So what if you want a mid-sized ride that actually excels both on and off road? You find yourself a Suzuki DR650S, which many consider to be the king of the dual sport motorcycles. It actually is a dual sport, with no particular bias at all. Well, it’s great on the asphalt but you probably don’t want to munch too many miles on top of one. It’s awesome off-road as well, but if you’re looking at long sessions thrashing around the sand pit, then the suspension might be sticking point. It’s not better than the Kawasaki on-road, and not quite as good as the Honda off-road – but it’s performs admirably at both of its tasks, without any drastic weaknesses, and that’s what makes it so good.
Old school in design, the current Suzuki DR650S is very much like the DR600 of yesteryear: it features a simple four-valve SOHC 644cc engine, with smooth power delivery and a very strong bottom end. The gearbox is a little happier on road than off, but it’s not debilitating in the dirt, and while the suspension could be a little better, it does the job and rises to the challenge. There are plenty of plus points for the Suzuki DR650S, but since it is such a renowned motorcycle, and since the design really hasn’t changed much over the years, you can pick these up anywhere for very reasonable prices. However, if you want a new one, you’ll need to part with $6,499.
#03. The KTM 690 Enduro R
Putting the KTM 690 Enduro R in the dual sport motorcycles category might be a bit of a stretch for some people. Sure, it’s an amazing off-road machine, but it’s not really in the shape of an adventure tourer or something like that, and its performance specification is almost too crazy for some. You see, that magical KTM engine offers a power output of 67 horsepower, which is quite a bit more than the rest of the 600cc-ish machines listed above. It’s also not particularly comfortable for long hours in the saddle either. But some riders don’t want saddle bags and cushy pillows. Some want bikes that can tear up the dirt…that can also be thrown into tight corners when the moment takes them. And the KTM 690 Enduro R is just that.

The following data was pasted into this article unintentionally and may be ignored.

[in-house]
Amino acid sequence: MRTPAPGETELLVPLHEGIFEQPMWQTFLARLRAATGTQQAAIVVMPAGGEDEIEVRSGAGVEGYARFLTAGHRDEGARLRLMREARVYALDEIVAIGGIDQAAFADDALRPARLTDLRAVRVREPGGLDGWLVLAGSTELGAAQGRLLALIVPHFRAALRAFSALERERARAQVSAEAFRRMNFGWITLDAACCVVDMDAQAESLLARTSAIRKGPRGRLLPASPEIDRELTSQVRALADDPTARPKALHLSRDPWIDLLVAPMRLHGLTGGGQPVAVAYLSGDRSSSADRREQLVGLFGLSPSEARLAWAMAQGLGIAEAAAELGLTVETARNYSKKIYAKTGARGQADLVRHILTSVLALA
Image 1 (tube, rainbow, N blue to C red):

Yeah, it’s mostly off-road and lives up to the KTM name in every single way that you’d expect with rock steady WP Suspension forks and shocks and a race derived off-road chassis, but it also has some unexpected road-focused accoutrements that might surprise you. The KTM 690 Enduro R might not look like much as a street bike, but KTM have seen fit to equip it with ABS as standard, given it a slipper clutch, and treated it with three modes of ride-by-wire throttle valve management. Prices start from $10,799, so add that to your dual sport motorcycles shopping list.
#02. The KTM Super Adventure 1290 R
At the bigger end of the dual sport motorcycles spectrum we have the KTM Super Adventure 1290 R. This is a machine that KTM described as “versatility without compromise” and we’re inclined to agree. Let’s not forget that KTM are the undisputed masters of the off-road realm, and they also make fearsome street-bikes too – so when the two worlds collide, only good things can happen. But yeah, it’s a big, expensive, heavy adventure bike that no one in their right mind would ever consider riding off road, right? Wrong! It’s actually very capable off-road, and if you’re too scared to even try then you have no business buying one in the first place. It’s big, it’s brawny, and it’s versatile: the KTM Super Adventure 1290 R – one of the best dual sport motorcycles on the market.
Powered by a huge liquid cooled 1301cc v-twin engine that’s capable of deliver an enormous 160 horsepower and a huge 103.2 lb-ft of peak torque, the KTM can clearly handle itself both on and off road. To match the torque output, KTM have kitted the Super Adventure out with heavy-duty spoked wheels with knobbly tires, and generous long travel suspension to the tune of 8.7 inches, offering almost 10 inches of ground clearance. And to compliment the KTM’s massive horsepower, the Austrians have treated the 1290 R with ABS, Brembo brakes, cruise control, traction control with a lean angle sensor and an adjustable windscreen. It’s definitely a real KTM dual-sport motorcycle, but it’s not for the novice rider. The $18,000 should deter the unworthy though…
#01. The Honda CRF1000L Africa Twin